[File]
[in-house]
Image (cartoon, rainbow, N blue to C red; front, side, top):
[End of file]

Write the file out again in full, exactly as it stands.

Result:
[in-house]
Image (cartoon, rainbow, N blue to C red; front, side, top):